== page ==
Welcome to the 3rd part of our series exploring the lessons that can be learned from well-known (and some not-so-well-known) Christmas tracks. Today we are looking at relationships during the festive period and ways to keep them in good shape.
Shane McGowan and Kirsty McCall, ‘Fairytale of New York’
Our first track is the well-worn soundtrack to many Christmas parties. Although released back in 1987it is still the most played Christmas track with a BBC poll naming it the UK’s favourite Christmas track of all time.
The popularity of this track, which appeared on The Pogues album,‘If I Should Fall from Grace with God,’ may strike you as strange given the subject matter. The Pogues’ lead singer, Shane McGowan, spends most of the time lyrically sparring with guest vocalist, Kirsty MacColl, reaching a crescendo of insults
Christmas is often heralded as the season of ‘Peace and Goodwill’ but sometimes these expectations can be unrealistic. If you have had a challenging year in your relationship marked by rows and splits then spending long days with your partner can seem like one challenge too many.
Some friction is natural even in the best of relationships and disagreements can be positive if they lead to constructive
Aim to keep things as amicable as possible while you navigate the visits to the in-laws, the long lost friends and seldom-seen relations. Try to avoid falling into the trap of expecting Christmas to provide a band-aid for your troubles.
If things have been difficult for some time then a Christmas break is unlikely to make things better and spending more time together may make things worse. More effective would be to put a date in your diary for the New Year so that you can plan constructive ways to deal with your relationship difficulties.
Joni Mitchell, ‘River’
‘River’ is a less well-known Christmas track although it is set during the holiday period and the strains of ‘Jingle Bells’ can be heard in the piano accompaniment to the song. Joni Mitchell sings of the end of a relationship, associated regrets and the desire to move on:
‘Now I’ve gone and lost the best baby that I ever had
Oh, I wish I had a river I could skate away on.’
Joni Mitchell is one of the giants of rock music’s golden age with a creative output covering folk, pop and jazz. She has broken many barriers for women in the music industry as an archetypical 70s singer/songwriter with much of her output from that decade earning critical acclaim. She is the highest ranking female guitarist of all time according to Rolling’s Stone magazine and is also an accomplished poet and artist.
‘River’ is the second most widely covered Joni Mitchell record(after ‘Both Sides Now’) having been recorded a staggering 432 times by artists as diverse as Barry Manilow and Sarah McLachlan. It documents the break-up of Mitchell’s relationship with Graham Nash of Crosby, Stills, Nash and Young fame. In turn, Nash wrote ‘Our House’ about happier times together.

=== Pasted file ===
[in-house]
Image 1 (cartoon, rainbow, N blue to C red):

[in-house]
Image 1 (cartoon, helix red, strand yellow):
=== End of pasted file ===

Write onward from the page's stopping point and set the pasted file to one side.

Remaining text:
Regardless of your current
Ron Sexsmith, ‘Maybe This Christmas’
The festive season has a bad habit of turning us into a bah-humbug Grinch. The high street crowds, the TV ads, the endless Christmas songs on the radio (how ironic) and Christmas parties. Add in endless trips to see relatives, a touch of credit card debt and we have the recipe for a bad-mood-inducing festive season.
Thankfully we can turn to this wonderful, little known Christmas tune by Ron Sexsmith. It unashamedly asks us to consider the real reason for the season; peace, love and forgiveness.
As the lyrics suggest, maybe this Christmas we might all step out of long-held grudges and offer the olive branch of peace. Or maybe we might allow Christmas to challenge us to find a deeper meaning than the consumption of gifts, food and drink.
Counselling and support services
The Christmas period can be a difficult time for many of us. Whether it is due to a difficult relationship or memories of a lost loved one, we understand that not everyone is going to have a ‘happy’ Christmas this year.
At The Spark, we have been providing counselling and support to individuals, couples, families and children for over 50 years. Our aim is to help clients to better understand their emotions and experiences, and to find ways to deal with them.
Contact us via our contact form or freephone 0808 802 0050 to talk about how counselling could help you.